Gratitude

This morning, my local neurologist sat me down after performing my annual exam. For the exam, she’d checked my reflexes, had me follow her fingers with my eyes, had me push against her (“you’re strong”), had me stand on one leg, then on the other, had me walk on tip-toe, walk on my heels, walk a (flawless) heel-to-toe.
She prefaced her conclusion by saying, “You might be unhappy to hear to this.” Naturally, I was all ears. “How long did you say you’ve been diagnosed with MS?”
“Sixteen years. I’ve had MS for over twenty years.”
“Over twenty years? And you can still swim laps for thirty minutes?”
But not for thirty five.”
She nodded. “Not for thirty five. Swimming laps for thirty minutes is really good for someone who has had MS for over twenty years. Maybe you don’t want to hear this, maybe you want to do better, but you are doing very well.”
I corrected her assumption. “I do want to hear that. I’m so glad I’m doing well.”
I’d reported to her, earlier, that the parameters of my abilities are shrinking. I’d wondered aloud if I was transitioning into Secondary Progressive MS. “I can’t do as much as I used to. I can’t walk as long, or as fast. Every time I push myself, the MS pushes back.”
She’d agreed with my tentative assessment. “I often see this kind of gradual decline with people who have a mild form of MS.”
There was once a time when I would have bristled at that remark. I would have resented the suggestion that my nemesis, MS, could be described as “mild.” There was nothing mild about the pain I was experiencing right there in her office, which was why I had swung my aching leg up onto her examination table and used the table as a barre to stretch.
There was a time when I wasn’t willing to believe the MS could get any worse.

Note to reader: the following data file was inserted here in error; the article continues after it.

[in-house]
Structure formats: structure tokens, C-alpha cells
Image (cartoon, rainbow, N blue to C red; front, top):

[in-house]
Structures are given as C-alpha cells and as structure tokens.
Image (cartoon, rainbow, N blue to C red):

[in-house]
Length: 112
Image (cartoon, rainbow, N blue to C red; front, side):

I know better, now.
My neurologist sees worse cases of MS every day. At least these days she can tell her patients that there are effective medications —medications like the one I’m on—in the research pipeline. There’s much more reason for hope than there was back when I was diagnosed.
And that is why today’s post is simply a post of gratitude.
I am very grateful.
Grateful for having a fine local neurologist.
Grateful for having insurance.
Grateful for having a $15 co-pay.
Grateful for being on an effective medication.
Grateful to be receiving that medication free of charge through an NIH study.
Grateful to have friends and family who support me. (It’s not too late, by the way, to support me in the MS Walk.)
Grateful to be able to swim 30 minutes of laps.
Grateful you visited this blog.
Grateful that yesterday, somebody searched Google for “Happiness with Multiple Sclerosis” and ended up on here on Ms. Lab Rat. What a hoot!
Am I happy with Multiple Sclerosis, the disease? Nope. I can’t say that I am. I hate this disease.
But am I happy, despite Multiple Sclerosis? You bet.
I welcome all seekers of happiness, with or without Multiple Sclerosis.
Thanks for visiting.

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2 thoughts on “Gratitude

  1. Merdad

    Guess you have proven it is not good health that is the blessing but rather the good sense to give a HOOT. You and the woman from TED.com with 12 pairs of legs are grateful. Have patience, the rest of us just don’t get it. We need hooters like you to tell us the truth.

    Reply

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